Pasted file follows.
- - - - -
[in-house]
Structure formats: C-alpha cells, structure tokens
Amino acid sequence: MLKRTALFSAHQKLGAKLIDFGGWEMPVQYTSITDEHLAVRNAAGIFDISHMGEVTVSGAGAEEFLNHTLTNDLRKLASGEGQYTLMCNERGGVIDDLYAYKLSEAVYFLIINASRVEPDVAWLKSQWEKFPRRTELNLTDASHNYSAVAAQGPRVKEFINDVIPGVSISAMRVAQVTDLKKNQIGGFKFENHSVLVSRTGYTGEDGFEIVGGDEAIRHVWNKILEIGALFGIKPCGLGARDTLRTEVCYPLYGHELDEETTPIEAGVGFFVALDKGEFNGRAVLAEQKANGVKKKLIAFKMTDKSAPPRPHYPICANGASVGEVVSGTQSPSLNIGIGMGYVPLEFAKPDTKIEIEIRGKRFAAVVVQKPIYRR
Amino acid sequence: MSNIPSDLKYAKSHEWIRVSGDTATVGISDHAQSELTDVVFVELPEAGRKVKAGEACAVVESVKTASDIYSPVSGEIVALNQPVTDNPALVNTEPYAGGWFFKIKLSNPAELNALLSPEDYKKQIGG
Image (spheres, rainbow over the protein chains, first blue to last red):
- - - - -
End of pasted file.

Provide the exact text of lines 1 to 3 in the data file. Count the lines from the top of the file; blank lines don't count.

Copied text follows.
[in-house]
Structure formats: C-alpha cells, structure tokens
Amino acid sequence: MLKRTALFSAHQKLGAKLIDFGGWEMPVQYTSITDEHLAVRNAAGIFDISHMGEVTVSGAGAEEFLNHTLTNDLRKLASGEGQYTLMCNERGGVIDDLYAYKLSEAVYFLIINASRVEPDVAWLKSQWEKFPRRTELNLTDASHNYSAVAAQGPRVKEFINDVIPGVSISAMRVAQVTDLKKNQIGGFKFENHSVLVSRTGYTGEDGFEIVGGDEAIRHVWNKILEIGALFGIKPCGLGARDTLRTEVCYPLYGHELDEETTPIEAGVGFFVALDKGEFNGRAVLAEQKANGVKKKLIAFKMTDKSAPPRPHYPICANGASVGEVVSGTQSPSLNIGIGMGYVPLEFAKPDTKIEIEIRGKRFAAVVVQKPIYRR